There are few systematic methodologies capable of predicting and leveraging the reserve capacity potential of large populations of Thermostatically-Controlled Loads (TCLs). For such reserves to have economic and technical value, it is essential that demand-side flexibility aggregators and system operators be able to do so quickly and robustly. In addition, aggregators need to ensure minimum TCL users' comfort and end use satisfaction. Part I of this two-part paper introduces an analytical approach to characterize and control the statistical bounds on the potential aggregated response of a population of TCLs, while ensuring users' comfort satisfaction. First, the uncertainty associated with the instantaneous power consumption of a typical TCL is described by a set of random variables and their statistics. TCL statistics are then employed to characterize the exploitable flexibility from a large population of similar devices. From this, a control strategy and parameters are introduced for sporadic (i.e. contingency-type) reserve provision by the population. In Part II, the proposed analytical approach and control strategy are validated for the special case of Electric Water Heaters (EWHs). Further, the trade-off between demand response capacity and EWH users' comfort satisfaction is investigated through several case studies.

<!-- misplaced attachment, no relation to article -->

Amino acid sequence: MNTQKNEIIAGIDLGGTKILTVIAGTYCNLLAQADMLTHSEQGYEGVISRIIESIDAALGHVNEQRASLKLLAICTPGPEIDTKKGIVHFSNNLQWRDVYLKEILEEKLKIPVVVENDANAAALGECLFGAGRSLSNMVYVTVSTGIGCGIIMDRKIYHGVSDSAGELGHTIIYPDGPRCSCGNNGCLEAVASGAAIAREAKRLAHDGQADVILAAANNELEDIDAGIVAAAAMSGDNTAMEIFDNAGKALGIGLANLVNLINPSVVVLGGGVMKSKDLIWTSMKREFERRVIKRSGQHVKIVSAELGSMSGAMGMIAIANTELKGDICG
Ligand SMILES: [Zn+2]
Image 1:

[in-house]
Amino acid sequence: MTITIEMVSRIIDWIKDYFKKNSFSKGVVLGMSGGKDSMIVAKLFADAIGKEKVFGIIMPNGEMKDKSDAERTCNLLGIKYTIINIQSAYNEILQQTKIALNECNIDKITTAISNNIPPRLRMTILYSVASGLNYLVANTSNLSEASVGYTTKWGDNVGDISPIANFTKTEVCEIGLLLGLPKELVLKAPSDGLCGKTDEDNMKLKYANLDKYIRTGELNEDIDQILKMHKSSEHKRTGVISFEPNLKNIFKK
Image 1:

Published November 2014 , 17 pages